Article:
Practical wisdom for leaders: Maximizing the cultural diversity in your global virtual team is essential to both the health of the team and its productivity. To do this, a high degree of intentionality is required. Cultural intelligence (CQ) offers a means for overcoming some of the challenges inherent in multicultural virtual teams, and equips leaders and team members to harness the benefits that come from different cultural perspectives and experience. One excellent resource for ideas on developing CQ is Leadership in a Diverse and Multicultural Environment (Connerly and Pederson 2005).
Virtual Teams Aren’t as Effective as Face-to-face Teams
Virtual teams have been shown in a variety of research contexts to have capacity to be highly effective. In particular, virtual teams designed for specific concrete outcomes have the potential to be even more effective than traditional face-to-face teams (Avolio and Kahai 2003).
This is in part because of the unique possibilities inherent in virtual teams and virtual leadership. No borders exist (teams can be made up of members from anywhere in the world), no visas, no travel, and no commute necessary, allowing for much greater organizational connectedness. This is particularly significant in allowing for the expression of a dimension of the global Body of Christ that has traditionally been pragmatically difficult.
In the virtual world, leaders from the now-dominant Majority World Church are able to have significant influence in other parts of the world, whereas previously finance or visa issues may have prevented these voices from being heard.
Practical wisdom for leaders: Make the most of the opportunities that virtual leadership and virtual teaming afford. Virtual teams are not “last resort” teams. They can be highly productive and flexible, and are cost effective. They also allow diverse perspectives and expertise to be drawn in for specific purposes.
Substantive Influence Is Not Possible in the Absence of Face-to-face Contact
So-called laissez faire leadership (the kind of leadership that slips to the lowest common denominator of expectations and resources) is not inevitable for virtual leaders. Research has shown that one of the greatest determinants of team performance is the team leader (e.g., Cascio and Shurygailo 2003).
Research shows that this is also true for virtual teams. Consequently, the role as leader of a virtual team should be taken very seriously, as a God-given responsibility. Transformational leadership, a theory of leadership that prioritizes empowering followers and often inspires a deep commitment to goals higher than self-interest, has been shown to be even more effective in virtual team environments than in traditional face-to-face teams (Purvanova and Bono 2009), evidencing the fact that leaders can be just as influential in virtual contexts.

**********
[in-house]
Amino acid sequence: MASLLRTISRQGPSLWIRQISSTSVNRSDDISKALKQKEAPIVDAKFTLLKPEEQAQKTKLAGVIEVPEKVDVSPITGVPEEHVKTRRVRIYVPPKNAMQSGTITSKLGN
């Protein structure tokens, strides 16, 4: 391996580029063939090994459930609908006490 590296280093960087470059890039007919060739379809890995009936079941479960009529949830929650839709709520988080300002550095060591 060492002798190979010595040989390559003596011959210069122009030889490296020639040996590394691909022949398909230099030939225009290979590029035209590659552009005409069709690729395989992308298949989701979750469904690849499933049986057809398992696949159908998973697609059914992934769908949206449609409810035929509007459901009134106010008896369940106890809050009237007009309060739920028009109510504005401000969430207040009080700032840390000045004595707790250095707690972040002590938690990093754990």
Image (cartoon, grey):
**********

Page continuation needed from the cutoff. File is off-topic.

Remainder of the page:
One of the consistent messages from research is that members of virtual teams highly value team leaders who are confident in their ability to lead (Beyerlein, Bradley, Nemiro, and Beyerlein 2008). Therefore, being convinced that you can have influence as a virtual leader is essential, and will be communicated whether you intend it to be or not.
Practical wisdom for leaders: While it is possible to be highly effective in leadership and have significant and substantial influence, virtual leaders should be aware that inevitably adaptation and adjustments of your typical leadership style will be necessary. Communications will rely heavily on technology, for example. Be confident that you can have a significant influence on those you lead virtually.
Research has shown that the practice of virtual leadership, found in mission organizations with increasing regularity, can be very effective and can enable mutual influence from all parts of the mission. Virtual leadership is not something to retreat from, but rather, should be capitalized on as a phenomenon that can be empowering and highly influential.
Avolio, Bruce, and Surinder Kahai. 2003. “Adding the ‘E’ to E-Leadership: How it may impact your leadership.” Organizational Dynamics 31(4):325-338.
Beyerlein, Michael, Lori Bradley, Jill Nemiro, and Susan Beyerlein. 2004. “Collaboration in the Real World.” In The Handbook of High-Performance Virtual Teams. Eds. Nemiro, Jill, Michael Beyerlin, Lori Bradley, and Susan Beyerlein, 681-691. San Francisco, Calif.: Jossey Bass Publishers.
Cascio, Wayne and Stan Shurygailo. 2003. “E-Leadership and Virtual Teams.” Organizational Dynamics 31(4):362-376.
Connerly, Mary and Paul Pederson. 2006. Leadership in a Diverse and Multicultural Environment. Thousand Oaks, Calif.: SAGE Publications.
Hertel, Guido, Susanne Geister, and Udo Konradt. 2005. “Managing Virtual Teams: A Review of Current Empirical Research.” Human Resource Management Review 15(1):69-95.
Kirkman, Bradley, Rosen Benson, Paul Tesluk, and Christina Gibson. 2004. “The Impact of Team Empowerment on Virtual Team Performance.” Academy of Management Journal 47(2):175-192.
Purvanova, Radostina and Joyce Bono. 2009. “Transformational Leadership in Context: Face-to-face and Virtual Teams.” Leadership Quarterly 20(3):343-357.
Saphiere, Dianne. 1996. “Productive Behaviors of Global Business Teams”. International Journal of Intercultural Relations 20(2): 227–259.
Joanna Lima currently serves as the international leadership development facilitator for Pioneers, and is based in Thailand. Joanna has many years of experience leading church-planting teams in East Asia.
EMQ, Vol. 48, No. 4, pp. 426-430. Copyright © 2012 Evangelism and Missions Information Service (EMIS). All rights reserved. Not to be reproduced or copied in any form without written permission from EMIS.